Farm annexation awaits water testing

Manchester, state say they want assurance of amount and quality

June 24, 1999|By Mike Farabaugh | Mike Farabaugh,SUN STAFF

Manchester's annexation of the Black Farm property, which is contingent on state approval of studies for sufficient water quantity and quality, is moving forward, according to state and town officials.

Developer Martin K.P. Hill plans to build more than 200 homes on the Black Farm property, which consists of six parcels comprising 157 undeveloped acres north of Manchester, mostly east of Route 30 and south of Lineboro Road near Fridinger Mill Road. With annexation, the town would be responsible for water, sewer and street maintenance.

The town charter stipulates that the developer guarantee 500 gallons of water a day for each new housing unit.

About two weeks ago, Manchester officials applied to the water management administration of the Maryland Department of the Environment to increase its appropriation of water to accommodate the development.

The application indicates that the average amount of ground water used each day in Manchester -- a town of about 3,200 residents -- ranges from 166,000 gallons in minimum-use months to 277,000 gallons in maximum-use months.

The application seeks to increase non-peak and peak daily quantities to 324,000 gallons and 486,000 gallons per day, respectively.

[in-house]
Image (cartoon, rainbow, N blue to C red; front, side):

The town's application states that the additional water would come from the "Marburg Formation," near Route 30 and Lineboro Road.

Matthew Pajerowski, chief of the water rights division of state Department of the Environment, said the application process has been completed by the town with respect to the quantity of water.

"We are receiving public comments until [tomorrow] and then we are free to make a decision," Pajerowski said. "I am not aware of any adverse public comments so far.

"We would be inclined to grant [the state permit], if there is no other public comment," he said.

The amount of the requested increase in water appropriation -- about 95 percent for non-peak periods and about 75 percent for peak periods -- does not seem unusual, Pajerowski said.

Water appropriation is based on expected growth, and a decision on whether to annex or not must consider quantity and quality of the water for a new service area, he said.

The quality of the water will be determined by MDE engineers from samples submitted by the developer.

Philip Arbaugh, Manchester's town manager, said the MDE's granting a permit on the town's water appropriation request is a step in the annexation process.

"We still need the [MDE] report on the quality of the water, showing that test results are acceptable," Arbaugh said.

If the quality of the water is judged substandard, annexation of Black Farm would be delayed until the developer, if he chooses to go forward with the project, could drill new wells that meet MDE standards, he said.

The town held a public hearing on annexing the Black Farm property in February. After Hill made a brief presentation, several residents raised questions on the number of housing units, water concerns and traffic congestion.

Attempts to reach Jim Piet, a spokesman for the developer, were unsuccessful yesterday.

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